**Talk:**Damage reduction

*101,310*pages on

this wiki

## Back to page

## Armor Equivalency Edit

I have done some math after being in doubt about whether to choose a piece of gear with more armor or more stats. The result urged me to do some more math to discover whether there was a way to translate armor into a comparison with stamina directly. The resulting formula was

amount of hp equivalence gained by an increase of armor is equal to:

[i]HP/(1-((2*baseAGI+2*gearAGI+gearARMold)/(2*baseAGI+2*gearAGI+gearARMold+400+85*level))- HP/(1-((2*baseAGI+2*gearAGI+gearARMnew)/(2*baseAGI+2*gearAGI+gearARMnew+400+85*level))[/i]

This HP equivalence is equal to how much longer it would take a melee mob to kill you with your new increased armor. An attempt to engineer a level-dependant general formula became this:

[i]Level 1: 4850/HP=armor needed for 10 HP equivalence

Level 10: 12500/HP=armor needed for 10 HP equivalence

Level 19: 20150/HP=armor needed for 10 HP equivalence

Level 30: 29500/HP=armor needed for 10 HP equivalence

Level 41: 38850/HP=armor needed for 10 HP equivalence

Level 50: 46500/HP=armor needed for 10 HP equivalence

Level 59: 54150/HP=armor needed for 10 HP equivalence [/i]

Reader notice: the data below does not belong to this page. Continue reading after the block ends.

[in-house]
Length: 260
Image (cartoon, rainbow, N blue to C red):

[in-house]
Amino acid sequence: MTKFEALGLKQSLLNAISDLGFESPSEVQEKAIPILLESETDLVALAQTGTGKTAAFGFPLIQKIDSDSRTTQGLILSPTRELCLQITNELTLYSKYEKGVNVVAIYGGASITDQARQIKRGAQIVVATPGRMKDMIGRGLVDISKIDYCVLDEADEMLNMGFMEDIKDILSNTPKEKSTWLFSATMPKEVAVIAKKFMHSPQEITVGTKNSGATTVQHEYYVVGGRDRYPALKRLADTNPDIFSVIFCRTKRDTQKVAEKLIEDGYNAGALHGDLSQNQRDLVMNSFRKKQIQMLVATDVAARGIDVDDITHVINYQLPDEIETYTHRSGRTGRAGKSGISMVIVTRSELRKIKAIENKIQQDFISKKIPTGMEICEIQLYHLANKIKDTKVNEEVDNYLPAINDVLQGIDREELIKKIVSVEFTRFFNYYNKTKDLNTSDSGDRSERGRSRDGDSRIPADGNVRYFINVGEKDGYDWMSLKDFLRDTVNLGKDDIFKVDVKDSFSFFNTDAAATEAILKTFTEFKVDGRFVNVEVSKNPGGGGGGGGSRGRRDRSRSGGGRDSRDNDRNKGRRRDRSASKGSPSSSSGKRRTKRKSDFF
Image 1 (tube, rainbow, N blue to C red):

I wish to add a paragraph dedicated to this principle but am unsure about whether it is 100% accurate, or could be simplified even more. Please look at it. --Tidal 16:58, 28 November 2007 (GMT)

I worked some more on my formula and finally came up with this extremely simplified, useful formula: Armor needed to gain extra survivability against physical damage equal to 10 HP =(4000+850*mobLEVEL)/(playerHP) This holds true for 1-59.

the chart at the very bottom of the page, in the "Armor required to get X% damage reduction" section, doesn't match the formulas. the armor cap against a 73 mob, for example, is 35880, not 35886, as the chart says. I'm going to go ahead and change this. --Tejing 16:26, 27 July 2007 (UTC)

## Can you reduce a mobs armor below 0? Edit

nt --Barnmaddo

## The most important thing .. Edit